A second irregularity involving the Petroleum Ministry following what happened with the import of substandard petrol has been reported in connection with a fertilizer supplier not being punished for dishonouring a contract.
in both cases – the petrol import crisis and the fertilizer tender – is former Petroleum Ministry Secretary Titus Jayawardane. He was solely involved in the decision to import petrol that was found to contain impurities while in the fertilizer tender, he was heading the Cabinet-appointed committee that recommended the supplier. Following the petrol crisis, Mr. Jayawardane was transferred to the Public Administration Ministry pool. In the latest dispute, a Singapore company has violated terms and conditions of a fertilizer deal it entered into with the state-run Ceylon Fertilizer Co. Ltd (CFC) by not supplying the contracted quantity in full.
The Cabinet-appointed procurement committee headed by Mr. Jayawardane subsequently did not take action against the supplier for failure to complete the contracted quantity of Triple Super Phosphate within the specified period, according to documents obtained by the Sunday Times. Earlier this week Agrarian Services Minister S. M. Chandrasena announced in Parliament that due to contamination of the soil, especially traces of arsenic, owing to large-scale use of fertilizer, the Government was planning to prune the fertilizer subsidy to farmers. The Singapore company supplied 12,582 MT from the contracted quantity of 24,000 MT and held back the balance due to the increase in the world market price at the time of the delivery.
According to clause 7.2 of the agreement, the purchaser has the right to ‘claim any excess costs for products that they may procure due to undelivered goods’. The committee forfeited the performance bond but only issued a warning letter without blacklisting the company, the Sunday Times learns. The Cabinet-appointed procurement committee has the power to blacklist the defaulted company.
The CFC tender for the supply of 24,000 MT of Triple Super Phosphate (TSP) was awarded to Valency International Trading Private Ltd. at US$ 348.94 C&F Colombo with 180 days credit in June 2010 in accordance with a decision taken by Mr. Jayawardane’s committee and the delivery was to be made in October 2010.
Accordingly the company submitted a performance bond for US$ 879,328.80 from the Standard Chartered Bank dated 07-07-2010
The Singapore company then supplied 12,582 MT of TSP out of the total contracted quantity of 24,000 MT. In a letter sent to the company by the CFC’s procurement manager dated 28-01-2011, the company was told it had failed to send the balance cargo before January 31, 2011 even after an extension was given by the procurement committee.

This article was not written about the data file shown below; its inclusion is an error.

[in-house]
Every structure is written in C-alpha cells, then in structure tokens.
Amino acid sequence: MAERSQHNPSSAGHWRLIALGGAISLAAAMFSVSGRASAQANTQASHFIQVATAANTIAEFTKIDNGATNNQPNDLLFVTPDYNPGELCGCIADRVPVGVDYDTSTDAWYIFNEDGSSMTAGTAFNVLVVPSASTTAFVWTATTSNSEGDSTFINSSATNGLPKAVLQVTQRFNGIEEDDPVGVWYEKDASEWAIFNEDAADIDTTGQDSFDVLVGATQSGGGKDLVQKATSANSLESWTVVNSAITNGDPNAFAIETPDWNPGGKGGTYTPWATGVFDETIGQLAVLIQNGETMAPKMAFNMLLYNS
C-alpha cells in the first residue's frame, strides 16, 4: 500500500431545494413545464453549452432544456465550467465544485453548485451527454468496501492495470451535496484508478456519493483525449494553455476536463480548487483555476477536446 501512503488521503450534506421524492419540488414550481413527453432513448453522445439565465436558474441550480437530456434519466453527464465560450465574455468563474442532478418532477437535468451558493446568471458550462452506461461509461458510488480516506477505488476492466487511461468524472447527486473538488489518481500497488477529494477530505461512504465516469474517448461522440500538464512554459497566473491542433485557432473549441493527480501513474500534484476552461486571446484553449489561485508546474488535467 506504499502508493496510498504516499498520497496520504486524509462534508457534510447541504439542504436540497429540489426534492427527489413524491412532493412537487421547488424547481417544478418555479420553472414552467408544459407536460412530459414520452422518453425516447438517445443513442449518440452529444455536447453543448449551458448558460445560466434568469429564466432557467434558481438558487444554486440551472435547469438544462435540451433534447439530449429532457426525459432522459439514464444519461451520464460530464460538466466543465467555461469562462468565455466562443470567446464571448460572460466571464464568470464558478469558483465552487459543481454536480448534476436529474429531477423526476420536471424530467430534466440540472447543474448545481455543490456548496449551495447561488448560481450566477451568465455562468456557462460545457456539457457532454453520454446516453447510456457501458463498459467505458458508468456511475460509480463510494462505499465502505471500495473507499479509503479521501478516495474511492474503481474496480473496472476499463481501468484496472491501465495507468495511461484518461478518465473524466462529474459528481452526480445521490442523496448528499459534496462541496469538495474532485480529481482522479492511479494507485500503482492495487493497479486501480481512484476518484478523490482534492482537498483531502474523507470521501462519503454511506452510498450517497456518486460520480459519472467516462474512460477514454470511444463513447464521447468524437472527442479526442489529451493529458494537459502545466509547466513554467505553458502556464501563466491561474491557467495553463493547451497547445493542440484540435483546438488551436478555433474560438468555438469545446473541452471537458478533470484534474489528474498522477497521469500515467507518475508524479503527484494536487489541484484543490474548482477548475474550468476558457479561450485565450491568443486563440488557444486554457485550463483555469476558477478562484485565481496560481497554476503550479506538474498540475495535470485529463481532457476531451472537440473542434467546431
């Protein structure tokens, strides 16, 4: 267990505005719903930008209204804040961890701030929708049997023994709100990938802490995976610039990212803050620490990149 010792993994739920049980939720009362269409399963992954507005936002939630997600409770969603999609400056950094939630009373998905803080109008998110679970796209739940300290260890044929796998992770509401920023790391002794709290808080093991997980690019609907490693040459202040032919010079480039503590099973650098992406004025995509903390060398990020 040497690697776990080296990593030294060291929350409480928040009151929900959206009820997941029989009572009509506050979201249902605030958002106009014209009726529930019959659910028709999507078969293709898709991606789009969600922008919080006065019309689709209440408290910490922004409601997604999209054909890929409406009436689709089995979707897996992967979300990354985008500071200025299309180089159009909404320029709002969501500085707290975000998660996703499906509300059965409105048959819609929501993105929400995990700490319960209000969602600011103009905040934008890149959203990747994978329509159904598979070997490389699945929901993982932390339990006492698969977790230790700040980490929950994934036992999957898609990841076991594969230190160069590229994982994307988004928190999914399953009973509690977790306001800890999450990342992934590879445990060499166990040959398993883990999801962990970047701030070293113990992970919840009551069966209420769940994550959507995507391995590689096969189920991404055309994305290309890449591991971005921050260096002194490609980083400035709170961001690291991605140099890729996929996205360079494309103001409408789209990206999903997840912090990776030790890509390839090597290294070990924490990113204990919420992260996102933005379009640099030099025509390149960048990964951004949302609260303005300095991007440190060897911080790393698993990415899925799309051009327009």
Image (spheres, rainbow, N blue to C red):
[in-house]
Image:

The extension of shipment was granted by the committee to supply 12,000 MT by 25-11-2010 and another 12,000 MT by 10-12-2011. The company opened a performance bond No 2011/349 dated 13-01-2011 for US$ 439,664.40 (Rs 44 million) at the Indian Bank for the supply of balance 10,600 MT. But since it failed to supply the balance quantity, this performance bond was confiscated by the CFC on 08-04-2011. At the time of this default the world market price had shot up to US$ 568.79 a MT. Under this set up the country would have had to pay US$ 219.85 more for a MT for the import of the balance quantity to meet the fertilizer demand.
Fertilizer importers say officials have failed to force the company to reimburse this staggering loss for the country in accordance with contract conditions clause 7.2 which says that in the event the purchaser terminates the contract, the supplier shall be liable to reimburse on demand to the purchaser for any excess costs. However when contacted by the Sunday Times, CFC Chairman Buddhika Madihahewa said they had taken necessary action to forfeit the 10% performance bond but the claim for damages should be made by the Cabinet-appointed procurement committee as it was not within their purview.
He said that since the committee had taken a decision, the CFC had to abide by it. On the other hand the CFC maintains a fertilizer buffer stock and the failure to supply the balance fertilizer stock by the Singapore company has not affected them.